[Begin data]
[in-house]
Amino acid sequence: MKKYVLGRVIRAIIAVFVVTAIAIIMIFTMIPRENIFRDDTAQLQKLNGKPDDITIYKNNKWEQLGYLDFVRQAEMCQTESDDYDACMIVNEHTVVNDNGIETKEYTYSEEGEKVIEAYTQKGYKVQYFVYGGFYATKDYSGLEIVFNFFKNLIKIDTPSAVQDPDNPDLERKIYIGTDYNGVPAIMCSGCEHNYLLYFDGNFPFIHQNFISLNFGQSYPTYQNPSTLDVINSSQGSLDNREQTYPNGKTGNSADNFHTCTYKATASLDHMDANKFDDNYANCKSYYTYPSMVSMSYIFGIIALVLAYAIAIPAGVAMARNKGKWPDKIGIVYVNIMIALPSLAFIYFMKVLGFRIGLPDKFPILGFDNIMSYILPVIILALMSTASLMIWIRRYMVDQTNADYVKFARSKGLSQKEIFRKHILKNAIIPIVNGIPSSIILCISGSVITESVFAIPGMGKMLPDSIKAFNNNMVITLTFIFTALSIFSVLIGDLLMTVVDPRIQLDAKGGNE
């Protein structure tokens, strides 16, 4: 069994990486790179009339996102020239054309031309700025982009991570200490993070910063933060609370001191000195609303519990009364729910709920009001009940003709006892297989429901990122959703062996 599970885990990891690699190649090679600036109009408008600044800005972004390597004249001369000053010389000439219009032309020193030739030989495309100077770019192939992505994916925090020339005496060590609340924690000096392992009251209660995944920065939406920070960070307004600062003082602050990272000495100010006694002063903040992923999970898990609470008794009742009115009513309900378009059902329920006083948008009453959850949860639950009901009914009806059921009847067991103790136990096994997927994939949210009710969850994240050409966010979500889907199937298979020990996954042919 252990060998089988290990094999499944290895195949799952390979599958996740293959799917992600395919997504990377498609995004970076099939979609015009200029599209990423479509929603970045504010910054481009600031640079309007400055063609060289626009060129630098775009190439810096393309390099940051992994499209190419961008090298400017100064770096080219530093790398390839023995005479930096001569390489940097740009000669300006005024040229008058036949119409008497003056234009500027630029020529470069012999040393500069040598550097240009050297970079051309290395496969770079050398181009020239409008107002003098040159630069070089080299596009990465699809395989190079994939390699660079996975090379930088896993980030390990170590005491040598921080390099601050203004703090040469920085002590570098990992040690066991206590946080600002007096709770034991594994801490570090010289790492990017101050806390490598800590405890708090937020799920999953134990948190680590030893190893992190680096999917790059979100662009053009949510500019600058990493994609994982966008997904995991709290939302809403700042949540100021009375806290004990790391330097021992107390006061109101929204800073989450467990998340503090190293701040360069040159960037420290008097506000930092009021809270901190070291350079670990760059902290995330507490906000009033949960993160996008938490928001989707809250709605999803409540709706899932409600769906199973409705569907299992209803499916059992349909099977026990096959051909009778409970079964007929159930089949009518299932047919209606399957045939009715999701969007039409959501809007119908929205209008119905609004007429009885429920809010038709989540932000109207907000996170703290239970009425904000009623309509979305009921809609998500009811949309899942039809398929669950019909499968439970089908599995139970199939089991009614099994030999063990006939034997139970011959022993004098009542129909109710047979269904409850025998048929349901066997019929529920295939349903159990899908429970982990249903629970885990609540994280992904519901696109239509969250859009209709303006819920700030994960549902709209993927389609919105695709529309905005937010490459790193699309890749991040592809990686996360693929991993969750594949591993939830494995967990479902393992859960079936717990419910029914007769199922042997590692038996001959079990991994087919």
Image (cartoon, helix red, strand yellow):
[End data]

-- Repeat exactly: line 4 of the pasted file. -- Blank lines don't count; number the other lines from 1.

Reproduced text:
Image (cartoon, helix red, strand yellow):